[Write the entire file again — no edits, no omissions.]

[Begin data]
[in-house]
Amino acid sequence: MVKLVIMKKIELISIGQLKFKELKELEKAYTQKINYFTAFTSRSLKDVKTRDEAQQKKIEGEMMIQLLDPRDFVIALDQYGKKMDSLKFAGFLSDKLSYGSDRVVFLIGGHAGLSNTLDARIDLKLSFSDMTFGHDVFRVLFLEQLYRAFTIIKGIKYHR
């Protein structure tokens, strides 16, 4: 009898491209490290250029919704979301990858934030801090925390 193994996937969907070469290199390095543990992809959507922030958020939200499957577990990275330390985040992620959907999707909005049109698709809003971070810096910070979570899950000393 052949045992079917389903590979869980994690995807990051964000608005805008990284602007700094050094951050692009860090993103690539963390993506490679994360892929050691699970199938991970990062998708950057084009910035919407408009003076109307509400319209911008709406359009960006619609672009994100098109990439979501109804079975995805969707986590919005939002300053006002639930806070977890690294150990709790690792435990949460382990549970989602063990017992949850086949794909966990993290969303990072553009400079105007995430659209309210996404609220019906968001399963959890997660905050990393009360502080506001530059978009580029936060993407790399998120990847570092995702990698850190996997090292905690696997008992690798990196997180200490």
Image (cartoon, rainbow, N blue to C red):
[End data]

[in-house]
Amino acid sequence: MVKLVIMKKIELISIGQLKFKELKELEKAYTQKINYFTAFTSRSLKDVKTRDEAQQKKIEGEMMIQLLDPRDFVIALDQYGKKMDSLKFAGFLSDKLSYGSDRVVFLIGGHAGLSNTLDARIDLKLSFSDMTFGHDVFRVLFLEQLYRAFTIIKGIKYHR
């Protein structure tokens, strides 16, 4: 009898491209490290250029919704979301990858934030801090925390 193994996937969907070469290199390095543990992809959507922030958020939200499957577990990275330390985040992620959907999707909005049109698709809003971070810096910070979570899950000393 052949045992079917389903590979869980994690995807990051964000608005805008990284602007700094050094951050692009860090993103690539963390993506490679994360892929050691699970199938991970990062998708950057084009910035919407408009003076109307509400319209911008709406359009960006619609672009994100098109990439979501109804079975995805969707986590919005939002300053006002639930806070977890690294150990709790690792435990949460382990549970989602063990017992949850086949794909966990993290969303990072553009400079105007995430659209309210996404609220019906968001399963959890997660905050990393009360502080506001530059978009580029936060993407790399998120990847570092995702990698850190996997090292905690696997008992690798990196997180200490």
Image (cartoon, rainbow, N blue to C red):